My favorite childhood book was Where the Wild Things Are by Maurice Sendak. Before ingesting its glossy pages of illustrations and meager sentences on my own, my parents read it to me.
Although not much in terms of the written word, clocking in about 338 words, I “read” Sendak’s piece de resistance, making this a childhood favorite in my book (hah, I am on a word playing roll lately!).
I prescribed to the idea of monsters lurking under my bed or in my closet as a child, making my parents check before tucking me in at night. Somehow, and I do not know exactly how, Sendak’s book helped me see a friendlier side of what I thought to be ferocious creatures. Max always seemed far more volatile than the wild things, declaring himself king. I may have neglected to retain parts of the book, particularly when the wild things implore Max to stay, mentioning they would like to eat him. I am sure it did not hurt that Max wills a distant land to appear before his very eyes and later leaves his imagined world…sounds, with a lot of imagination and reading between the metaphysical lines, like my travels.
In compiling today’s post, I also remembered writing a film review as part of a how-to piece (hot to write a film review) for my creative nonfiction class at Goucher, later publishing the review in the student newspaper, The Quindecim. The film adaptation I dug out of Google Drive for those interested in reading my take on Spike Jonze’s adaptation of Sendak’s Where the Wild Things Are:
“Spike Jonze unleashes the Wild Things”
Where the Wild Things Are, based on the popular children’s book, follows the story of a little boy named Max (played by Max Records) whose persistent imagination causes him trouble. The audience is introduced to Max building an igloo alone while talking to the inanimate fence. The interaction he does have with others leads to the destruction of his igloo and a multitude of tears.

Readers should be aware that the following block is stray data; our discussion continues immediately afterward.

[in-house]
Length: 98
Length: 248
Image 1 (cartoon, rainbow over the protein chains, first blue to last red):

Consoled by his hard-working Mom (played by Catherine Keener), he tells an imaginary tale of a vampire that reflects his struggles to interact with other kids. In conjunction with his vampire tale, Max amuses his mother while she deals with a stressful work-related phone call.
While Max’s mother and boyfriend (played by Mark Ruffalo) try to spend time together, Max’s imagination unleashed his wild thing. He proclaims while standing on the kitchen table that he must be fed. While telling him to control himself and grow up, Max reacts by jumping off the table and biting her. As soon as his mother makes him aware of what he’s done, Max makes a break for it. With his mother in tow, trying to find him, he slips through the fence into the land of the Wild Things.
Here he meets a scene of chaos; Carol (voiced by James Gandolfini) is ripping apart all the wild things’ nests. The other wild things, minus KW (voiced by Lauren Ambrose), apathetic, watch and tell Carol to stop. Max intervenes, hoping to destroy something too. The Wild Things see Max as their next meal, but Max proclaims that he is a king. Unknown to him, the Wild Things are in need of a king to restore the group’s happiness. Accepting the role of king, his first act is the wild rumpus ending in a sleeping pile. Curious about the new king, KW resurfaces. Happiness is momentarily restored; Carol and Max grow closer, and plans for the ultimate fort that will bring happiness unknown before are soon underway.
Quickly things go wrong. The Wild Things begin to turn on one another and finally Max sees he must leave when Carol, his closest friend tries to make him his next meal. As Max is leaving with all the Wild Things sans Carol there to say goodbye, Carol sprints towards Max’s boat, soggy-eyed with a wordless exchange of understanding shared between them.
Overall, the film translated its inspiration, Maurice Sendak’s book into reality while still containing most of the film within fantasy. A child could watch the film, although there are dark undertones, as well as a college-age adult; the film’s sense of agelessness is further heightened by its soundtrack and familiarity. The soundtrack, mostly comprised of songs performed by Karen O and the Kids, sets the tone for each scene.
What seemed exceedingly childish, even for a film based on a children’s book, was KW’s friends, Bob and Terry. Clearly necessary for furthering the plot, but too cute and childish to fit the darkness of the film, Bob and Terry could be made less comical to restore balance.
I had high expectations for Where the Wild Things Are. It was the first book I could read without any assistance. The film did an adequate job of allowing me to revisit my own inner wild thing that once thrived for me around Max’s age.